We have our own Student Council made of up of elected representatives, as well as the Head Boy and Head Girl.  We also have a range of other student voice groups, including Year Council linked to school improvement areas and priorities. Students are taught in a variety of ways including: during Form time, assemblies and in subject specific content about the importance of democracy. We also have representatives on Epping Forest Youth Parliament.

The Rule of Law

The importance of Laws, whether they are those that govern the class, the school or the country, is consistently reinforced throughout all aspects of school life. Students and parents are taught the value and reasons behind our rules, that they govern and protect us; the responsibilities that this involves and the consequences when laws are broken. We have talks from the Community Police Office team to students on the rule of law. We also provide an opportunity for students to take part in the ‘Prison – No way’ scheme, to visit the Houses of Parliament and students annually take part in the Parliamentary Debating Competition.

Individuals Liberty

Students are actively encouraged to make their own choices, knowing that they are in a safe and supportive environment. We educate and provide boundaries for students to make these choices safely, through provision of a safe environment and empowering education.  Students are encouraged to know, understand and exercise their rights and personal freedoms and advised how to exercise these safely, for example through E-Safety assemblies, form time and SMSC lessons. Whether it be through choice of learning challenge, of how they record work, of participation in our extra-curricular clubs and opportunities, students are given the freedom to make choices.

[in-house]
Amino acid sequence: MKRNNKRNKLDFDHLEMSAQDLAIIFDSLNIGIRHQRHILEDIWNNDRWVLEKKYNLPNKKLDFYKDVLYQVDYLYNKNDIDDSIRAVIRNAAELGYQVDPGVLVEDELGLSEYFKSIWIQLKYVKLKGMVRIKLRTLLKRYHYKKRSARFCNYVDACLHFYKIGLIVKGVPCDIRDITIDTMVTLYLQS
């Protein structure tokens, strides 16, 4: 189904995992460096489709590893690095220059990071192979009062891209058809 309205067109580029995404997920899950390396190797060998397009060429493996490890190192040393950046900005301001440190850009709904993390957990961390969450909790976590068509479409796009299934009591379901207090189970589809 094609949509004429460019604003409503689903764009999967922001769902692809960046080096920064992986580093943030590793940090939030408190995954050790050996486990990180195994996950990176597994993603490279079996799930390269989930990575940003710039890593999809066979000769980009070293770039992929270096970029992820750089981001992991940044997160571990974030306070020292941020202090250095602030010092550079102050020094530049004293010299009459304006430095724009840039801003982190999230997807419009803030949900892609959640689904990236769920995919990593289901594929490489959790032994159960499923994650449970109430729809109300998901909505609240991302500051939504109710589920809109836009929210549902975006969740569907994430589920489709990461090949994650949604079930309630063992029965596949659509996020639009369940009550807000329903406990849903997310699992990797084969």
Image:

Mutual respect and tolerance of those of different faiths and beliefs

We place a great emphasis on promoting diversity and equality with the student and staff body. Our RE lessons, assemblies and form time teaching reinforces this. Members of different faiths or religions are encouraged to share their knowledge to enhance learning within classes. We expect all members of our school to show tolerance of different faiths and beliefs.

Radicalisation and Extremism

Radicalisation is the process by which people come to support terrorism and extremism, and in some cases, participate in terrorist groups. Extremism is the vocal or active opposition to the fundamental British values – tolerance, respect, liberty and democracy.

The school believes and actively supports the view that all students should be protected from radicalisation and extremism. Our approach to this is in line with the Government’s CONTEST strategy (the counter terrorist strategy) and PREVENT (stopping people becoming terrorists or supporting terrorism).

Our total commitment to safeguarding student welfare means we are vigilant to monitoring vulnerability to radicalisation including:

  • Family tensions
  • Sense of isolation
  • Migration
  • Distance from cultural heritage
  • Experience of racism or discrimination
  • Feeling of failure

Any concerns must be reported to the Designated Safeguarding Officer, Miss Dyer who will make a referral using the “Channel” referral form. All teaching and support staff have received full training on Anti-Radicalisation and students have been educated in how to safeguard themselves from this.